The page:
PCI DSS compliance guide

Learn what you need to do to comply with PCI DSS

The Payment Card Industry Data Security Standards (PCI DSS) is a set of global security standards created by the Payment Card Industry Security Standards Council (PCI SSC) to ensure that every company that collects, processes, stores, or transmits cardholder data maintains a secure cardholder data environment. PCI DSS applies to all entities that accept credit cards or are involved in payment processing, such as payment processors, acquirers, issuers, and service providers.

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This document should be used only for guidance purposes, and should not be taken as definitive advice. You should always consult your acquirer or a PCI DSS Qualified Security Assessor (QSA) for clarification.

PCI DSS compliance involves 3 main things:

  • Handling the admission of credit card data from customers, namely, that sensitive card details are collected and transmitted securely
  • Storing data securely, which is outlined in the 12 security domains of the PCI standard, such as encryption, ongoing monitoring, and security testing of access to card data
  • Validating annually that the required security controls are in place, which can include forms, questionnaires, external vulnerability scanning services, and 3rd party audits.

Introduction to PCI DSS

PCI DSS, a global standard adopted by the major card schemes (Mastercard, Visa, JCB, Diners, and American Express), defines a set of technical and operational requirements that when implemented correctly, helps you to protect cardholder data, reduce fraud, and minimize the chances of a data breach resulting from malicious attacks.

As mandated by the card schemes, every merchant that accepts credit card payments has to comply with PCI DSS requirements. Even though PCI DSS is not part of any law, the standard is applied globally and it comes with significant penalties and costs for organizations that don’t comply with the requirements. These financial consequences include non-compliance assessment fees, legal costs, and costs for forensic investigations, onsite QSA assessments, and security updates.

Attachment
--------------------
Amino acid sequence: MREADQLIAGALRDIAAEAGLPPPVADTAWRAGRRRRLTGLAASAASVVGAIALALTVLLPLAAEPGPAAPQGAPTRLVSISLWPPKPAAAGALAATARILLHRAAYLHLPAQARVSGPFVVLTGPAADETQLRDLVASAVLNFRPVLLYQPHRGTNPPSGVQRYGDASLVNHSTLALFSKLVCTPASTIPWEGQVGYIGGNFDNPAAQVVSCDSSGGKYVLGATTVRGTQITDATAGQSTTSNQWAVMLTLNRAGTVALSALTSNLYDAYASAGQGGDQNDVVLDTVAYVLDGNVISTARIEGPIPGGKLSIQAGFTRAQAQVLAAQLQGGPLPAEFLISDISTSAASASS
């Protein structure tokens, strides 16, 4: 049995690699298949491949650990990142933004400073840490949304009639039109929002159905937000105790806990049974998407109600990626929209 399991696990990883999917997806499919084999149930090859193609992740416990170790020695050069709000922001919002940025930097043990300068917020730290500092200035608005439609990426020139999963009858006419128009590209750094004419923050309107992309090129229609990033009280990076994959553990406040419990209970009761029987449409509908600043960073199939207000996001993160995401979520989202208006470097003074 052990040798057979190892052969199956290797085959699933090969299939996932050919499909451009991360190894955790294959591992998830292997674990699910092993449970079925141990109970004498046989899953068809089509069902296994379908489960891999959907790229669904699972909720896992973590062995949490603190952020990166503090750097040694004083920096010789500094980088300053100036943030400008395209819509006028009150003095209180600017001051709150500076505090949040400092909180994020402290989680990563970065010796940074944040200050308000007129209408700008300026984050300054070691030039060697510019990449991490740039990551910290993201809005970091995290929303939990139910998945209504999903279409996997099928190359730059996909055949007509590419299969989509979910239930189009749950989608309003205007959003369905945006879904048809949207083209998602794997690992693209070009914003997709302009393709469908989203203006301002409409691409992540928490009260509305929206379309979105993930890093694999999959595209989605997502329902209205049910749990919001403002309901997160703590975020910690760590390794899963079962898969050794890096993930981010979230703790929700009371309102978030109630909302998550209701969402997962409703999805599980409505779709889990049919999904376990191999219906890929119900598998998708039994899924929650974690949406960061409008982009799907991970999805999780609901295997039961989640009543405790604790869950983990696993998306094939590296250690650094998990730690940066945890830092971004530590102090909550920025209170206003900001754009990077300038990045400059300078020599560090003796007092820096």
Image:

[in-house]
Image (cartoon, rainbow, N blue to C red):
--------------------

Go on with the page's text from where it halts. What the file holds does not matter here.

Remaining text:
Before you continue, it's important to understand that:

  • PCI DSS applies solely to the people, processes, and technology that collect, store, process, or transmit cardholder data, known as the Cardholder Data Environment (CDE).
  • PCI DSS is not a single event, but a continuous, ongoing process. Every entity has to validate its compliance with PCI DSS annually by completing one of the official PCI SSC validation documents.

Who is responsible for PCI DSS compliance?

PCI compliance is a shared responsibility between you and payabl. So, when accepting payments, it is essential that you do so in a PCI-compliant manner. The complexity of this depends on your integration methods, but the simplest way is never to see or access your customers' card data.

Here are some tips:

  • Use one of our integration methods that allows you to accept payments without ever handling card data: Payment link and Hosted Payments Page.
  • Use Transport Layer Security (TLS) for all payment pages, so that they use HTTPS.
  • Review and validate your PCI compliance once a year. Most can do this with a Self-Assessment Questionnaire (SAQ), which is provided by the PCI Security Standards Council.

PCI DSS & Integrations

The specific PCI DSS requirements applicable to you depend on how you process payments and on payabl. the integration you use. Refer to the table below to know which requirements you need to comply with.

Integration method

Documents required

Hosted Payment Page or Payment Link

Your SAQ A or SAQ A-EP

API Integration - using your own integration platform

Your SAQ D-Merchant
ASV Scan

Full card details API with a third-party service provider

PCI DSS certifications for both your Gateway Provider and Merchant. Please contact your account manager for further details.


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